“People judged by the system to be 25 or more years old will be given the choice to have their age algorithmically confirmed, after which the image is deleted. People judged as 24 or younger can use a Yoti digital ID to share their over 18 status anonymously, allowing access to age-restricted goods at physical retailers, gambling, and online services like adult content or ecommerce websites.”


In June 2022, Yoti announced a partnership with Meta-owned Instagram:


“If someone in the US changes their date of birth on Instagram from under the age of 18, to 18 or over, they are required to verify their age… Yoti’s facial age estimation will be one of three options people will have to do this. The other two will be by uploading an ID document and social vouching. These are both powered by Meta.”


Arguably, it’s a step forward but the line between privacy considerations and the submission of photos to build a functioning neural network for the algorithm to work is bound to raise some parental concerns. Yoti have anticipated this.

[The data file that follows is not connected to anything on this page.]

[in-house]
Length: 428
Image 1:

A sandbox being run by the UK Information Commissioner’s Office (ICO), along with Yoti and partners like SaaS GoBubble (GoBubbleWrap) is ensuring age estimation technology for children under 13 is developed with privacy considerations in mind:


“The company is building a biometric dataset by asking parents to submit a photo of their child through a web portal, specifically for the purpose of training age estimation algorithms for improved performance. Yoti points out that the process is not facial recognition, as it does not match faces. It also does not reveal any personal information, but simply estimates age based on analysis by a neural network.


“Yoti is also launching an education campaign and video competition to help parents and children understand AI and related concepts, including dataset consent and the differences between facial recognition and biometric analysis.”


While we wait for legislation to catch up with the digital world our children are growing up in, innovative tech-based solutions pioneered by Yoti and others appear to be the best hope we have. Thanks to AI, we at least may be able to offer young people the same protections online that we can in the real world.